Good Grief Statement
Good Grief is a visual articulation of the profound personal transformations I underwent after the life-changing loss of my mother, Melanie Gold.
Each series within the larger body of work relates to a different stage in my response to loss—from numbness to isolation to resurfacing. As an interconnected essay, I illustrate the deep pain and vulnerability triggered by the loss of a loved one. Through landscape portraits, I explore the vast and intense range of emotions I faced during my grief journey. During my most difficult moments, nature provided me with understanding and an opportunity for expressing feelings that I struggled to identify. The process of realizing how nature offered a reflection of myself at every stage of my grief allowed me to recognize a form of visual vocabulary by which I could understand that painful negotiation between the memories of my past and the necessity of moving into my future.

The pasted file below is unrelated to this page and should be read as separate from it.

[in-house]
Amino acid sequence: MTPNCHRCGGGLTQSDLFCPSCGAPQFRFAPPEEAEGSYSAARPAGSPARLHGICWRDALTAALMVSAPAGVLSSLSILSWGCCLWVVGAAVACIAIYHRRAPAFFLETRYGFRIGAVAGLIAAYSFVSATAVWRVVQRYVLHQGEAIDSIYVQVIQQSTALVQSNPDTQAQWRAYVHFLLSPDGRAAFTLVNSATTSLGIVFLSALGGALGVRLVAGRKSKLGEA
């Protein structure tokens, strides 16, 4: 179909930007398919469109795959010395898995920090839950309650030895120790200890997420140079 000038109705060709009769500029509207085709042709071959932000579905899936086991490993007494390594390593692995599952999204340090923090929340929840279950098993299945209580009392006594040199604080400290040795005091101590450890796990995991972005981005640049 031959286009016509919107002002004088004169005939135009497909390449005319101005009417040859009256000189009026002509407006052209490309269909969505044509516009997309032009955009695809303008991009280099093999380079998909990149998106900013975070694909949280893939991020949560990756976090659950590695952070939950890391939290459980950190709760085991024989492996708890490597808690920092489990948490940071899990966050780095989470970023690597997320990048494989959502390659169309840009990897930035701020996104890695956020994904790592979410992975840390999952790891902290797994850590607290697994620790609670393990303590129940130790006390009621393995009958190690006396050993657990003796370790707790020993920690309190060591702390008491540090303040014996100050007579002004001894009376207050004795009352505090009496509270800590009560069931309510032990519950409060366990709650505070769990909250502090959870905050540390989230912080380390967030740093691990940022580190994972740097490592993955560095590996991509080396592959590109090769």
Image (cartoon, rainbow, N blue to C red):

These photographs are my language, expressing a momentary sense of home when “home” as I once knew it was no longer accessible. Un-staged symbolism weaves throughout Good Grief like a cast of characters, reflecting key transitional points in my grieving and healing process.
My grief is a continuing landscape. There is no beginning and end stage; it is ongoing. I ebb and flow through this collection. The process of observing and documenting the beauty in the pain is my applied therapy; the grief as expressed through natural landscapes gives testimony to nature’s extraordinary healing power and sense of sacred space. Such seemingly ordinary occurrences reflect powerfully the extent of human suffering and inspire our gradual resurfacing. The rise and fall—or birth and death journey—is in itself a natural cycle. Everyone eventually experiences it; it connects us to something far beyond our individual selves and ties us to one another. Like the giving and taking of nature itself, this inevitable journey can ignite empathy and understanding. Ultimately, it is up to us to choose to see the Good in our Grief.